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Associated Press Newswires

New Housing Project Serves Elderly Residents In Hispanic Community


10 December 2004
Copyright © 2004 Associated Press Newswires. All rights reserved. 

WILMINGTON, Del. (AP) - Under a cold drizzle falling from a gray, winter sky, a new flower took bloom Friday on the site of an old neighborhood garden in downtown Wilmington.

State and local officials joined members of the local Hispanic community to celebrate the opening of Los Jardines, or "The Gardens," a new housing complex serving low-income senior citizens in the predominantly Hispanic Hilltop community.

"This was a garden, and now it's still a garden," said city councilman Demetrio Ortega Jr.

The spacious, brightly-lit complex features 24 one-bedroom apartments, two of which are handicapped-accessible, a laundry facility, exercise room, community room and two lounges.

Gela Petrucelli, family support services director for the Latin American Community Center, said Los Jardines already has a waiting list.

Tenants, most of them Hispanic and living on fixed incomes, can take advantage of services such as financial literacy classes, health and wellness information, recreational opportunities and, of course, community gardening.

The Latin American Community Center, just around the corner from the new complex, will work with other agencies to coordinate services for residents.

Nicomedes Santiago, 82, said he's looking forward to playing his guitar and singing for fellow residents.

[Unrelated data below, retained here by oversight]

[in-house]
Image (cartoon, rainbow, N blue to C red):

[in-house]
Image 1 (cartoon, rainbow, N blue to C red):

Santiago, who immigrated from Puerto Rico as a migrant farmhand about 60 years ago and worked a variety of blue-collar jobs before retiring, has been living in a third-floor apartment a few blocks away but says his knee problems have made it difficult to climb the stairs. At Los Jardines, where he will pay $147 a month for rent and utilities, he can take the elevator.

"Not everybody can be a homeowner, ... but everybody needs a decent place to live," said U.S. Sen. Thomas Carper, D-Del.

The new 3-story housing complex, perched on a hillside overlooking Interstate 95, was built with a $3.2 million grant to the Latin American Community Center Development Corp. by the U.S. Department of Housing and Urban Development.

The Federal Home Loan Bank of Pittsburgh chipped in $164,000, and the city, which donated the land, added $25,000.

"This indeed is government at its best," said state Sen. Robert Marshall, D-Wilmington, who represents the neighborhood.

City councilman Charles "Bud" Freel said "Los Jardines" will help bring stability to the Hilltop neighborhood and its families.

According to the U.S. Census Bureau, Delaware's Hispanic population more than doubled between 1990 and 2000, from about 16,000, or roughly 2.5 percent of the population, to more than 37,000, or close to 5 percent of the population. The state's Hispanic population currently is estimated to number about 45,000.

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